LONG-TERM TRENDS—On the plus side, several trends are emerging that could benefit workers’ compensation insurers in the long run, including:

Price transparency

When the Surgery Center of Oklahoma in Oklahoma City started posting its prices online four years ago, it forced competing area hospitals to follow suit. Although it will take time to catch hold across the country, greater price transparency in the delivery of health care could benefit workers’ compensation insurers. Running counter to this trend is the pace of consolidation in health care. The ACA, with its focus on accountable care organizations (ACOs), electronic medical records, and other coordination-of-care rewards, is fueling consolidation in health care at an unprecedented rate. With increased consolidation comes increased local pricing power, and workers’ compensation insurers could find themselves on the wrong end of that pricing pendulum.

Opioid use

The epidemic of opioid abuse that had swept the nation is finally starting to abate. State governors, attorneys general, and legislatures are passing laws to toughen criminal and administrative penalties for doctors and clinics, establishing standards of care for doctors who prescribe narcotics, increasing the reporting and tracking of prescriptions, and limiting reimbursements to physicians who dispense prescription drugs to no more than a certain percentage above cost. State agencies, local agencies, and the U.S. Drug Enforcement Administration also are aggressively prosecuting individuals involved in illegal prescribing activity and “pill mills,” causing physicians, nurse practitioners, and pharmacies to surrender their federal licenses to dispense controlled substances. In the most serious cases, the offenders have had to surrender their medical licenses to state medical/pharmacy boards. Physicians and medical boards also have developed resources to guide physicians on responsible opioid prescribing, and there’s been a rise in the number of physicians who have had their licenses suspended by state medical boards for the unlawful distribution of controlled substances and for prescription drug fraud. Organizations like the Federation of State Medical Boards and Physicians for Responsible Opioid Prescribing also have joined the fight.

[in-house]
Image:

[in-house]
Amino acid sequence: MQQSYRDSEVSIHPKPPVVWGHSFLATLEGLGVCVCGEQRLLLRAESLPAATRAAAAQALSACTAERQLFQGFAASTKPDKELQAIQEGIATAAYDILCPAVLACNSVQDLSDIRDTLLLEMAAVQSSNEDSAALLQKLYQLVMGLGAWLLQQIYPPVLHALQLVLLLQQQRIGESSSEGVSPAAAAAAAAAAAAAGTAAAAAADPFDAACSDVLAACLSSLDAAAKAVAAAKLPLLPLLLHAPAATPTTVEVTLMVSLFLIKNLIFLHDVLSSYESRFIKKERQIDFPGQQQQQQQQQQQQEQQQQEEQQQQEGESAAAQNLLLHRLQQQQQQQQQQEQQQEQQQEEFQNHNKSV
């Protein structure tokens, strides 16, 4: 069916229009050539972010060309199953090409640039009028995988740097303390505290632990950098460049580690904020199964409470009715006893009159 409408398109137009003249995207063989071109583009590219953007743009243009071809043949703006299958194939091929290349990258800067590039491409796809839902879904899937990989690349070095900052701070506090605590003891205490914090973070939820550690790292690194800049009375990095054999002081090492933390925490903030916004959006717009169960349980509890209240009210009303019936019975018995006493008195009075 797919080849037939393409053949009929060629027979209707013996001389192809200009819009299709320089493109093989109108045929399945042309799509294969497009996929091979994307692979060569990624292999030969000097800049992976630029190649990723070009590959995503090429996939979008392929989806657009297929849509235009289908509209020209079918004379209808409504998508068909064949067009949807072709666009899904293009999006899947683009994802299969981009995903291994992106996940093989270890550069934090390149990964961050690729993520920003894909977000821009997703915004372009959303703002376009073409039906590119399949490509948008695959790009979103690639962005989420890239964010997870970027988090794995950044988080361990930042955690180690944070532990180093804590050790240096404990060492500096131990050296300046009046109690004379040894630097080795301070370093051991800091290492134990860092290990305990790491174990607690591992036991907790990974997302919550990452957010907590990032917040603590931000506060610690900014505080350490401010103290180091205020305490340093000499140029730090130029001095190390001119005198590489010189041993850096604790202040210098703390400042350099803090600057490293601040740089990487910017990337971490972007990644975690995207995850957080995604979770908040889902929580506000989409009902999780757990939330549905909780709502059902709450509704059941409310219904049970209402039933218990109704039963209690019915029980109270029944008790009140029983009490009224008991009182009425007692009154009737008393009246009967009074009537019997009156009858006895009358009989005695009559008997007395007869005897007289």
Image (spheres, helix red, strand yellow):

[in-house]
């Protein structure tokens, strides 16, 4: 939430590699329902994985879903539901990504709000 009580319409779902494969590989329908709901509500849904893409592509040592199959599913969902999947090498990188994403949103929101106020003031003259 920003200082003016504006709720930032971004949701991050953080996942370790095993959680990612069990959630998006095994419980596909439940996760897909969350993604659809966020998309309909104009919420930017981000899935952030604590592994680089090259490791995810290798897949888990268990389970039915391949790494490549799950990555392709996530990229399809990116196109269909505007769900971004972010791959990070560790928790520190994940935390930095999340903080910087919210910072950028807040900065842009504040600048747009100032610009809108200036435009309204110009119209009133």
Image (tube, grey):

Given the high-profile nature of these efforts to define the proper use of opioids in treating injured workers, it’s likely the workers’ compensation line will see an effect. With medical expenses exceeding 60% of workers’ compensation costs, 20% of that going toward prescription drugs, this would be a welcome development.

Medical tourism

Medical tourism continues to grow as an option for patients all across America. An airline magazine recently had advertisements from hospitals outside the United States showing savings of 50% to 80% on procedures such as knee and hip replacements that are common in workers’ compensation. The general cost in the United States for a knee replacement was shown at $34,000, versus the overseas cost of just $10,000. A hip replacement was listed as $35,000 versus the overseas cost of just $11,000. Even with the cost of airfare, transportation, and hotel accommodations, the potential savings are significant (acknowledging that we aren’t attempting to control for quality or safety differences). With several companies and health insurers investigating offering medical tourism options to their employees and insureds, there could come a day when workers’ compensation insurers could leverage these tremendous savings to help drive down severity for certain procedures. While businesses may welcome the cost savings, we recognize that persuading state legislatures and injured workers to agree to these practices could be difficult.

The ACA

Several economist and workers’ compensation industry stakeholders have predicted that the ACA will create shifts in the workers’ compensation industry. But exactly how isn’t clear. Many refer to the Massachusetts Health Care Reform Act to bolster the argument that the ACA will lower overall health care costs and workers’ compensation costs. Under Massachusetts health care reform, costs within the workers’ compensation system decreased. Although ACA is more complex, similar provisions in the two laws allow a comparison of the impact on the workers’ compensation system. Analysis by RAND in 2012 found that expanding coverage to previously uninsured individuals resulted in a drop in workers’ compensation costs in Massachusetts. Finding an association between being insured and the frequency of workers’ compensation claims, RAND concluded that expanding the population holding group health insurance could reduce cost shifting to workers’ compensation.